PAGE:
Checking In With Soosh…
After growing up as a Mets fan in New York City, Soosh moved to the San Francisco Bay Area in 2004 to attend Cal Berkeley and stayed in the area after he got his degree. He’s still there, working for a tech company, and is still a Mets fan. “I love my Metsies and I’ll take all the bad times with the rays of sunlight in between,” he said.
Born in 1979, Soosh grew up rooting for the strong teams the Mets fielded during the 1980’s. It was an impressive era. When those Mets were at their peak, from 1985 to 1988, they averaged over 100 wins per season. It must have been fun being a Mets fan back then. “It was,” Soosh replied. “My favorite players were Gary Carter, Keith Hernandez, Mookie Wilson, Sid Fernandez and Lenny Dykstra.”
These were very good players, and at least one of them, Gary Carter, was enshrined in the Baseball Hall of Fame for his impressive body of work first as a catcher for the Montreal Expos and later for the Mets. I asked Soosh for his favorite recollection of Carter, and at first hesitant “because there are so many,” Soosh settled on Carter’s first game as a Met, when he hit a walk-off home run to win the game on Opening Day 1985. The New Yorkers had been rebuilding for several years and Carter was the last piece added to a lively group that would win the 1986 World Series Championship in a thrilling seven-game series against the Boston Red Sox. Carter was a model of consistency and a stabilizing force for a highly skilled but still very young pitching staff.
Keith Hernandez was acquired in a trade with the St. Louis Cardinals in June of 1983, and with his superb skills at first base the team showed instant improvement. Hernandez arrived at a time when there was some serious talent in the pipeline and the team improved rapidly. By 1984 the losing years were over. “I thought Keith was really cool. He was a very poised player. Plus, he was on Seinfeld, and that’s a classic part of Mets history,” Soosh said. In his seven seasons as a Met, Hernandez won five Gold Gloves and was a three-time All Star. He’s now part of the New York Mets broadcasting team, seen below (Photo: SNY).
Mookie Wilson was a center fielder, one of the few players who survived the transition from the losing early 1980’s teams to the World Series Championship and contending years. In his initial years with the team he was rocket quick, with about a .280 batting average. He gave the Mets roughly fifty stolen bases a year from 1982 to 1984. His stolen bases dipped to the mid-twenties after that, but his batting average and on-base percentage rose. Wilson had good range in center field and in general was a good ballplayer. “I grew up in America with a strange name, and Mookie had one too. The fact that he owned it and made it a positive was amazing to me,” Soosh said.
It’s not just these players that Soosh recalls with fondness. He also harbors warm sentiments for Shea Stadium, the Mets home from 1964 to 2008. It was built as a multi-purpose stadium, and was called home not only by the Mets but by the football Jets as well. It witnessed a variety of events in it lifetime, including Jim Bunning’s perfect game on Fathers Day 1964, and a Beatles Concert in the summer of 1966. The Jets moved on after a number of years, joining the Giants at the Meadowlands. Shea was even home to the New York Yankees while the original Yankee Stadium was renovated in 1974 and 1975. Recalling Shea, Soosh remarked, “it was big and blue.”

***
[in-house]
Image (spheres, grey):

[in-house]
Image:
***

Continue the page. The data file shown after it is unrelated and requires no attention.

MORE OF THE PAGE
Does he like Citi Field, the new home the Mets opened in 2009? “Yes, I do,” Soosh said. “I love the placement of the Apple outside Citi Field’s main entrance, and the Jackie Robinson Rotunda. Jackie was amazing and I’m glad he’s honored in that fashion.”
Soosh also mentioned a fondness for the 7 line, the Times Square to Main Street Flushing subway route that takes fans to Citi Field. “I used to live in Manhattan and before my days as a family man my buddies and I would savor taking the 7 train to see the awesome Mets, especially from 1999 to 2001. Those train cars were filled with Mets fans. You’re going over parts of Queens and then all of a sudden, coming up on the left, is an empty parking lot, and then big blue. I loved that part of the ride,” Soosh said. Here’s a photo from back in the day, circa 1964, that shows a 7 line car with Shea Stadium in the background.
It’s not always easy being a fan of the Mets, who have suffered through many lean years and several moments of high drama. The Mets are presently a banged up bunch and will not be a factor in this season’s pennant chase, but that won’t deter Soosh. “I’m a loyal Mets fan who relishes the high points,” he said. “It’s really fun when things are going well.”
The whole team here at Grubby Glove is certain that things will go well again for the Mets one day, and when they do, Soosh will be there to cheer his team on. Good luck with the Mets, Soosh. This post is for you!